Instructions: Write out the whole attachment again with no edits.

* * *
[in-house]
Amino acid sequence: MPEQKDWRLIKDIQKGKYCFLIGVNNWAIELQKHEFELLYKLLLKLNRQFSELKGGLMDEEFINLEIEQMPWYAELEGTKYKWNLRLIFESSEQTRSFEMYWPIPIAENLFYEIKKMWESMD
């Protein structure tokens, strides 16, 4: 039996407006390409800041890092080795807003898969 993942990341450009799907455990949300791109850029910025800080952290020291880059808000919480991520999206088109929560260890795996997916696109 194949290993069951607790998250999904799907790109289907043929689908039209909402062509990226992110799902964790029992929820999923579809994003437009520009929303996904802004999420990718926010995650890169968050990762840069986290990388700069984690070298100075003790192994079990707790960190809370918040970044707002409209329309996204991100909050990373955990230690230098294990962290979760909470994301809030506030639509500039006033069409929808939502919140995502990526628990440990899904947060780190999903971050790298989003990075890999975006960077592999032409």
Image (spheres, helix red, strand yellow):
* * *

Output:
[in-house]
Amino acid sequence: MPEQKDWRLIKDIQKGKYCFLIGVNNWAIELQKHEFELLYKLLLKLNRQFSELKGGLMDEEFINLEIEQMPWYAELEGTKYKWNLRLIFESSEQTRSFEMYWPIPIAENLFYEIKKMWESMD
């Protein structure tokens, strides 16, 4: 039996407006390409800041890092080795807003898969 993942990341450009799907455990949300791109850029910025800080952290020291880059808000919480991520999206088109929560260890795996997916696109 194949290993069951607790998250999904799907790109289907043929689908039209909402062509990226992110799902964790029992929820999923579809994003437009520009929303996904802004999420990718926010995650890169968050990762840069986290990388700069984690070298100075003790192994079990707790960190809370918040970044707002409209329309996204991100909050990373955990230690230098294990962290979760909470994301809030506030639509500039006033069409929808939502919140995502990526628990440990899904947060780190999903971050790298989003990075890999975006960077592999032409």
Image (spheres, helix red, strand yellow):